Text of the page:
United States District Court, N.D. Alabama, Southern Division
VICKIE D. WALLACE, Plaintiff,
NANCY BERRYHILL, Acting Commissioner of Social Security, Defendant.
E. Ott Chief United States Magistrate Judge
Vickie D. Wallace brings this action pursuant to 42 U.S.C.
§ 405(g), seeking review of the final decision of the
Acting Commissioner of Social Security
(“Commissioner”) denying the continuation of her
disability benefits. (Doc. 1). The case has been assigned to the
undersigned United States Magistrate Judge pursuant to this
court's general order of reference. The parties have
consented to the jurisdiction of this court for disposition
of the matter. (See Doc. 8). See 28 U.S.C.
§ 636(c), Fed.R.Civ.P. 73(a). Upon review of the record
and the relevant law, the undersigned finds that the
Commissioner's decision is due to be affirmed.
was determined on June 16, 2006, to be disabled beginning
April 5, 2005, based on severe impairments of depression and
status post left shoulder injury. (R. 26, 28, 141). The
Social Security Administration sent Plaintiff for
psychological and physical examinations in June and July 2012
(R. 375, 379) and concluded on October 2, 2012, that she was
no longer disabled as of October 2012. (R. 138-39, 141). This
determination was upheld on reconsideration after a
disability hearing by a State agency Disability Hearing
Officer. (R. 142-66).
requested a hearing before an Administrative Law Judge (ALJ).
(R. 167, 238). An ALJ held hearings in May 2014 and June 2015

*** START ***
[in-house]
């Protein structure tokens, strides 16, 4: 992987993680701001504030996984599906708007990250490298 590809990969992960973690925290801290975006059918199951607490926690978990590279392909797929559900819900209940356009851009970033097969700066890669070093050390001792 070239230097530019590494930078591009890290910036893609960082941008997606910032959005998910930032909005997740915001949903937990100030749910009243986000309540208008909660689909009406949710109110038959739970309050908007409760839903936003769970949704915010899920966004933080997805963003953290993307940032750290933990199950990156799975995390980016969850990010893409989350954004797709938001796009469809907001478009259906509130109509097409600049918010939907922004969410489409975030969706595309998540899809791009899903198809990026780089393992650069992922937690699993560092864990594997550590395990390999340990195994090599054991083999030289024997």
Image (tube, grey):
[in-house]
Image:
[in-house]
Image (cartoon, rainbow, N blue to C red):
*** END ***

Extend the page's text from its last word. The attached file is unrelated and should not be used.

and issued a decision on June 18, 2015, finding
Plaintiff's disability ended effective October 2012. (R.
23-70, 96-119). The Appeals Council denied Plaintiff's
request for review on December 23, 2016. (R. 1-6). The
Commissioner's final decision is ripe for judicial
review. See 42 U.S.C. § 405(g).
was 46 years old at the time of the ALJ's decision. She
previously obtained her Associate of Arts degree. (R. 114-15,
529). She has worked in the past as a receiving clerk, motel
housekeeper, office cleaner, and assistant manager of a pizza
shop and truck deli. (R. 42, 377). As noted above, she was
previously found to be disabled as of April 2005 based on the
severe impairments of depression and status post left
shoulder injury. (R. 28). Plaintiff now alleges that she is
disabled due to her dislocated left shoulder, depression,
panic attacks, type 2 diabetes, congestive heart failure,
tinnitus, and arthritis in her hands. (R. 167, 238).
administrative hearings, the ALJ considered Plaintiff's
disability claim in accordance with the eight-step sequential
evaluation process to determine whether her disability had
ceased. (R. 26-43). The ALJ found that the June
16, 2006 decision was the most recent decision finding
Plaintiff disabled and was the decision to be used for
comparison with the present evidence. (R. 28). The ALJ
observed that, at the time of the comparison point decision
(“CPD”) -June 16, 2006-Plaintiff had impairments
of a depressive disorder and a status post left shoulder
injury, which resulted in marked limitations on her ability
to perform basic work activities and an inability to perform
even sedentary work or sustain a 40-hour workweek with
adequate work attendance. (R. 28).